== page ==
Multitasking can feel like a superpower sometimes. There’s nothing quite like that sense of accomplishment that comes with knowing you pulled off juggling several errands simultaneously. After all, not everybody has what it takes to feed the dog and update their status while frying up an omelet in between a morning news and cardio routine. Multitasking is great in practically every area of life – except behind the wheel that is. More and more people are tragically falling victim to the perils of distracted driving thanks to a seemingly harmless desire to multitask.
What is distracted driving?
According to the National Highway Traffic Safety Administration (NHTSA), around 8 people are killed and 1,161 are injured every day as a direct result of distracted driving. This translates into thousands of deaths and injuries annually because of completely avoidable human error. Distracted Driving has a simple definition; it’s the act of operating a vehicle while doing things that stray concentration away from the specific task of driving. Unfortunately, in the worst case scenario distracted driving produces nothing but complicated and undesirable consequences.
There are three main classes of distraction when it comes to driving, namely: visual distraction, manual distraction and cognitive distraction.
Visual Distraction: This comprises the disruption of a driver’s gaze away from elements of the road that deserve full attention. Visual distraction can happen for many reasons, but the most common one today is use of mobile devices. The NHTSA estimates that up to 70% of drivers in the U.S. admit to regularly using their cell phones while driving. This is particularly dangerous because at the legal speed limit, merely sending a quick text can divert a driver’s eyes from the road in the time it takes to cover at least 120 yards.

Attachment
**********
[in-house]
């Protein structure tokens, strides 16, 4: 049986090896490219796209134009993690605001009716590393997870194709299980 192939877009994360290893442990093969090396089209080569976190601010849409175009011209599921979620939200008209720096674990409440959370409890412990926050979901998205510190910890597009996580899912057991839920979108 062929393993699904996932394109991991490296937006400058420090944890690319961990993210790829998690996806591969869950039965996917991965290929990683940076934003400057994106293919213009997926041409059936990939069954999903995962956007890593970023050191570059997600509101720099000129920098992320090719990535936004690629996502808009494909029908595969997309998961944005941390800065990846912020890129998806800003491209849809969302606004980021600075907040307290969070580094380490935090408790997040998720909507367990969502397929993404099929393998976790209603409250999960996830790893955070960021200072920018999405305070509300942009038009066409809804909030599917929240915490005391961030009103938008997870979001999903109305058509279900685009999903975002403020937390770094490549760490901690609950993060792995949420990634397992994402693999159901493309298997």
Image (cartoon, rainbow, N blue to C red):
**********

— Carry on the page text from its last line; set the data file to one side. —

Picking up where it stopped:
Manual Distraction: This involves physical interruption of a driver’s grip on the steering wheel or essential controls of a vehicle. A significant number of people consistently make a habit of engaging in activities that make it impossible to maintain hold of the wheel. In addition to using mobile devices for example, drivers also tend to eat food, apply makeup, change clothes, or interact with passengers in an animated way.
Cognitive Distraction: Usually less controllable than visual or manual distraction, cognitive distraction is a state of mental preoccupation that impedes a driver’s overall focus. It’s understandable when people are distracted by unpredictable stress. However, if a driver unnecessarily concentrates on things outside of safe driving, this is tantamount to unacceptable and dangerous negligence.
Distracted driving, especially with regard to the use of mobile devices, is increasingly becoming a problem that’s attracting legislative control. For instance California law makes it illegal to simultaneously drive and use electronic wireless communication devices to write, send, or read messages. As distracted driving continues to claim casualties, it is expected that such laws will expand to include the numerous issues that actively cause distracted driving. Beyond following the letter of this law, here are a few measures you can take to avoid activities that typically cause visual, manual and cognitive distraction while driving:
- Choose to pay attention at all times when driving.
- Keep all vehicle windows clean and clear of obstructions or debris.
- Do not access mobile devices when in motion or anywhere on a public road.
- Where available, use hands-free accessories and options such as voice-operation on electronic devices.
- Do not tailgate when driving, especially if relying on mounted electronic devices.
- Ensure that all occupants of a vehicle are buckled-up and at ease.
- Don’t drive while fatigued. Get plenty of rest.
- Avoid last-minute travel. The more time you have to reach your destination, the less you’ll have to worry about rushing and multitasking.
For more information, give us a call at 1-888-309-4545 to find out how Adriana’s Traffic School can help you practice safe driving.